Repository logo

Canine non-structural megaesophagus as a clinical sign of potential neurological disease: 99 cases

Accepted version

Change log


Gomes, Sergio 
Van Ham, Luc 
Van Ham, Anouk 
Ives, Ed 


Knowledge regarding the etiology and prognosis for canine megaesophagus (ME) is currently limited to small case series that may now be out-of-date in light of recent advances in the understanding of neurological syndromes and the availability of advanced diagnostic testing. Ninety-nine dogs diagnosed with non-structural ME were included. Congenital idiopathic ME was present in 10 cases, with complete resolution of clinical signs in only a single case. Eighty-nine cases were considered acquired with most cases being either idiopathic (42.7%) or associated with myasthenia gravis (38.2%). Idiopathic cases represented a smaller percentage of acquired ME than previously reported. Death or euthanasia directly related to ME occurred in almost 50% of acquired cases, whilst clinical signs persisted in around 20% of cases and resolved in 30% of cases. A diagnosis of an underlying etiology, in particular myasthenia gravis, was associated with a better outcome in acquired ME. Megaesophagus continues to be a challenging condition to manage, with a guarded to poor prognosis, particularly when an underlying etiology is not identified. Thorough diagnostic testing for an underlying neurological disorder is important in cases with ME as this may allow institution of appropriate treatment and the potential for a better prognosis.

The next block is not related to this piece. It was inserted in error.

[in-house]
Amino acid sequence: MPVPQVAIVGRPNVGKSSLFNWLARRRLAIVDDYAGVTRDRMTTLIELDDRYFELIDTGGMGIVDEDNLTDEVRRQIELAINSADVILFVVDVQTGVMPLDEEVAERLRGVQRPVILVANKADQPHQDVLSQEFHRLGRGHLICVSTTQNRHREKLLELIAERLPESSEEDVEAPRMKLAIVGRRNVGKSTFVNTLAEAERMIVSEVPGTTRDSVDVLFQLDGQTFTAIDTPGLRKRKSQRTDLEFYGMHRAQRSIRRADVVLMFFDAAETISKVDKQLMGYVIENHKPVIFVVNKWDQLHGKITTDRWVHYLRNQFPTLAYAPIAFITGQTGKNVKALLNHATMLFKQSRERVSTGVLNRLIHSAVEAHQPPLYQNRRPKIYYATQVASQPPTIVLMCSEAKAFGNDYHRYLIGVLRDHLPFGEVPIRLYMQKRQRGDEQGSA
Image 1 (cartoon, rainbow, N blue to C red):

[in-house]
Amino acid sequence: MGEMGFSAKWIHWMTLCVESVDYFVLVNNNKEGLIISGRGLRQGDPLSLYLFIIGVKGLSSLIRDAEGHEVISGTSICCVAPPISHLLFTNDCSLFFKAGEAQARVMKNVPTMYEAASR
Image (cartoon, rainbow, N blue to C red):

Animals, Central Nervous System Diseases, Dog Diseases, Dogs, Esophageal Achalasia, Female, Male, Retrospective Studies

Journal Title

Journal of the American Animal Hospital Association

Conference Name

Journal ISSN


Volume Title



American Animal Hospital Association


All rights reserved